The new commission will be independent of both the NHS and Government, and more independent than the current fragmented system. It will report annually to Parliament, not Ministers, on the state of the NHS, its performance and, most important, the use to which it has put the extra resources. The Government should not be judge and jury of the NHS. The commission will be the judge, the British people the jury.
Secondly, we can go further in extending devolution in the NHS, building on what has been achieved. The health service should not and cannot be run from Whitehall. The NHS is delivered in hundreds of different communities by more than 1 million staff. The relationships are between the local patient and the local doctor; the local community and the local hospital. However, those relationships will not work properly until central control is replaced by local accountability. After 50 years, the time has come when the sound of bedpans being dropped in Tredegar should reverberate only in Tredegar.
With national standards and inspection in place, power, resources and responsibilities must now move to the NHS front line. When we came to office, GPs controlled only 15 per cent. of the total NHS budget. Today, primary care trusts, with GPs and nurses in the lead, already control half the budget. In only two years, they will control three quarters of it. Just as the new commission will report nationally, so primary care trusts will need to report locally on how NHS resources have been spent.
The best primary care trusts, like the best NHS hospitals, should enjoy greater freedoms and more rewards. We will therefore establish new foundation hospitals and foundation primary care trusts, which will be fully part of the NHS, but with more freedoms than they have now. They will have more powers, including a right to borrow, to expand their services for patients.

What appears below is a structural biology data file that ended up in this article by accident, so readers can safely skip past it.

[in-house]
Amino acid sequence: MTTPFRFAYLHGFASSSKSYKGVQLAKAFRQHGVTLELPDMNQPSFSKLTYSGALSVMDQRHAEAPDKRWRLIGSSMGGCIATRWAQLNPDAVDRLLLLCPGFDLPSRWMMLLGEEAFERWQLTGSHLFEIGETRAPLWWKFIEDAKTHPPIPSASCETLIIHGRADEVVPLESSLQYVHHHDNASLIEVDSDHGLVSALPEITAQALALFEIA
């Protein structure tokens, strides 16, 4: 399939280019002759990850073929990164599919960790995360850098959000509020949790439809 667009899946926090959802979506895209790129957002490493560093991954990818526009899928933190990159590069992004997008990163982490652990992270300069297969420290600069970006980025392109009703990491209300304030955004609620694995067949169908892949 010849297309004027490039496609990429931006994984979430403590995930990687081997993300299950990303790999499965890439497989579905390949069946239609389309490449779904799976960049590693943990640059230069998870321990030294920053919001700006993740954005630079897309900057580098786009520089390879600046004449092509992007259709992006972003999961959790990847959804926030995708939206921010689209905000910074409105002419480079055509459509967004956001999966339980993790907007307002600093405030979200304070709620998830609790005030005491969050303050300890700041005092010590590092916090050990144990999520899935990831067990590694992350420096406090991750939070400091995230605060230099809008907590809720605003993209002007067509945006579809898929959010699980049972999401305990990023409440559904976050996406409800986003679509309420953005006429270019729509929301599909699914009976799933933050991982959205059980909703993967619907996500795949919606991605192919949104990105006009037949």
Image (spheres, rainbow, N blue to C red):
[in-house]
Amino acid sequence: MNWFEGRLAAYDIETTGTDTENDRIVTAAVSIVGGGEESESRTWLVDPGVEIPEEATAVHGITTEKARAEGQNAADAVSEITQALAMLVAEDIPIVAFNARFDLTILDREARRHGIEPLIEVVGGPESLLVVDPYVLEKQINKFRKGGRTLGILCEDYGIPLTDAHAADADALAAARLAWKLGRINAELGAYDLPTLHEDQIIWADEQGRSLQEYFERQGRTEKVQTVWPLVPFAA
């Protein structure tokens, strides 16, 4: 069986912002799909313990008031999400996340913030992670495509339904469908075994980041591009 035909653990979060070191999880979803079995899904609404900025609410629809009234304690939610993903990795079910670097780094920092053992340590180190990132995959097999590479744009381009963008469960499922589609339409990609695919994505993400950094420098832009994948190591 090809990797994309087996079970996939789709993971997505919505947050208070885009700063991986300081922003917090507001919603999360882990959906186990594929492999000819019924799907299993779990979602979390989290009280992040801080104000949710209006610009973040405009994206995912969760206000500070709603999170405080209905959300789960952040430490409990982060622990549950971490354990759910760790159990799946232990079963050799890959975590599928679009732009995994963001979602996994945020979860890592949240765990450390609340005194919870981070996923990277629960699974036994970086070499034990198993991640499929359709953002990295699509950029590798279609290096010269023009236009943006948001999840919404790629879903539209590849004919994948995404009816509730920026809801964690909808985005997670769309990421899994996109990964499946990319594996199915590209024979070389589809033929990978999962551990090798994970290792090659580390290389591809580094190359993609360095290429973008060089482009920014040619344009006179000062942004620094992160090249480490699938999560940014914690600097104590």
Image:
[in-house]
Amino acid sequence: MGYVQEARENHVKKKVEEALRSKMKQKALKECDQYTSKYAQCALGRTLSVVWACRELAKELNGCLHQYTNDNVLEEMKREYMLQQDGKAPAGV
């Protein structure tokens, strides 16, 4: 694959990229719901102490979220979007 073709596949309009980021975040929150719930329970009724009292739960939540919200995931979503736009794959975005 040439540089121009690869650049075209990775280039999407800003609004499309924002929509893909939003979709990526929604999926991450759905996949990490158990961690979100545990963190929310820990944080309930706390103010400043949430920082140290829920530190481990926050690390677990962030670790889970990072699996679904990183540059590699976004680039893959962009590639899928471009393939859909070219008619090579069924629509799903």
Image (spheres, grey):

Thirdly, further to the new powers that we have given nurses and others, we will radically alter the way in which staff work and introduce a new system of financial incentives throughout the health service. We will put in place new contracts of employment, not only for nurses and other staff, but for GPs and, yes, for hospital consultants, too. Our objective is to liberate the potential of all members of staff, rewarding those who do most in the NHS and, crucially, improve productivity throughout the health service.
New incentives for individual members of staff will be matched by a new system of financial incentives for NHS organisations. The hospitals that can treat more patients will earn more money. Traditional incentives work in the opposite direction. Indeed, the poorest performers often get the most financial help.
We will therefore introduce a new system for money to flow around the health service, ending perverse incentives and paying hospitals by results. The incentive will be to treat more patients more quickly, and to higher standards.
I can also say today that it is our intention to draw into this country additional overseas capacity so that we can further expand NHS services to NHS patients. As capacity expands, so choice will grow. Within three years, all patients, with their GPs, will be able to book hospital appointments at a time and a place that is convenient to them. The reforms that we are making will mark an irreversible shift from the 1940s take-it-or-leave-it, top-down service. Hospitals will no longer choose patients; patients will choose hospitals.
Reductions in waiting times to get into hospital must, of course, be accompanied by cuts in waiting times to get out. Older people are the generation that built the health service, and they have supported it all their lives. This generation owes that generation a guarantee of dignity and security in old age. Bed blocking denies both.